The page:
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As DC's Largest Co-Working Space Opens, The Sector Is Poised To Continue Its Rapid Growth

In a relatively sluggish leasing year, co-working has been a driving force behind demand in the DC Metro office market. The booming sector has signed nearly 500k SF in leases during 2016, amounting to nearly 40% of the year's net positive absorption, according to Delta Associates. DC now has the second-most co-working space in the US behind New York, and industry leaders and researchers expect its growth to continue at a similar pace next year. 


The largest co-working space in DC, WeWork'120k SF Metropolitan Square, opened last week (we take a look inside further down). That a co-working company would sign such a massive lease just steps from the White House may have seemed unfathomable a few years ago, but now it serves as a symbol of how far the sector has come. 

The co-working leader also opened its 33k SF K Street location in May in the heart of the CBD. WeWork president Artie Minson said at WDCEP's annual luncheon last month that these two locations prove that co-working has become more attractive to corporate and government-related tenants, not just tech startups.

"These openings are prime evidence that not all creators wear hoodies," Artie said. "Even if they all like free coffee." 

MakeOffices founder Raymond Rahbar

WeWork's biggest competitor, DC-based MakeOffices, has also signed a flurry of leases this year. It opened its first space in the CBD this week with a 35k SF location at 1015 15th St NW. It also announced a 45k SF location at The Wharf's 800 Maine, and it opened a 40k SF space in Clarendon

MakeOffices CEO Raymond Rahbar says he doesn't expect this growth to end anytime soon. MakeOffices has also benefited from the shift away from traditional technology tenants. When it opened its first location in Rosslyn, Raymond says 90% of the members were tech companies, but after expanding to 11 locations, he says that percentage is down around 15%

"We used to just be a place for every hot tech startup to go" Raymond says. "Now, everyone wants to work in co-working, literally everyone. From Fortune 500's like IBM and Booz Allen to Capital One who have all joined our community. As more companies have heard of the benefits of co-working, our opportunity has only sky rocketed."  


The broadening of co-working's appeal has driven its growth in the DC market. The District will soon get its first co-working space south of the Mall after WeWork recently signed a 69k SF lease at 80 M St SE. Other competitors are also entering the market, such as Regus' co-working concept Spaces, which signed a 44k SF lease at Douglas Development's Uline Arena and a 45k SF space in Rosslyn.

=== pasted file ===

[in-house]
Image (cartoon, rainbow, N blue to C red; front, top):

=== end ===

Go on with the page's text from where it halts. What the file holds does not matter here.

JLL SVP Andy O'Brien, right, says he is seeing tech companies and large corporate users both increasingly attracted to the flexibility of co-working. He expects the co-working spaces that opened this year will quickly fill to at least 95% occupancy, and he sees the demand continuing to rise next year. 

"These spaces are going to continue to grow," Andy says. "Especially locally, we’re going to see the demand jump higher after the election with the executive branch aligned with the’re going to see even more growth in the co-working sector especially downtown and in Arlington."


Delta Associates senior associate Jonathan Chambers agrees leasing activity from co-working operators in DC is not slowing anytime soon.

"We’re seeing big leases on an almost monthly basis now," Jonathan says. "This is definitely a burgeoning industry, and I expect to see growth continue at least at the same pace next year."

Even at the same growth rate, though, it will likely be less of a driver behind DC's office demand than it was this year. Jonathan expects overall leasing activity to rise as government contractors look for more space. 

"They’ve driven much of the positive growth in the office market this year," Jonathan says of co-working companies. "So as tenants from other industries become more active in the office market, their slice of the pie will decrease."

An improved leasing market could accelerate rent growth in Class-A space, making it harder for co-working companies to compete, but he notes that they have often sought out converted space in more affordable, non-traditional submarkets, like WeWork's Wonder Bread and Manhattan Laundry locations and Spaces' Uline Arena location. 


As for Metropolitan Square, there is no doubt WeWork's new 120k SF space occupies prime real estate, with its rooftop deck (above) offering views of the Washington Monument and the White House. Bisnow took a look inside on Friday to see how the region's largest co-working space is outfitted. 

A WeWork location near the White House in Washington, D.C., photographed in December 2016.

The space has a huge common area, above, with a bar that serves coffee, cold brew, fruit water and beer on tap. The common area has dozens of available desks, which WeWork offers for $350 per month. The second floor, connected by the staircase above the bar, will open to tenants next week.


A sign of how co-working is attracting larger tenants, Metropolitan Square has a 146-desk office (still seeking a tenant) that offers private executive suites and conference areas. 


Showing off the company's creative flourish, the hallway features leafy designs on the walls and plants next to the seating areas. That hallway leads to a second common area, which features another bar and much more open workspace.